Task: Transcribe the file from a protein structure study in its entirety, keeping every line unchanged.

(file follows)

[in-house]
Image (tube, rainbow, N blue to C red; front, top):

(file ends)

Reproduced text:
[in-house]
Image (tube, rainbow, N blue to C red; front, top):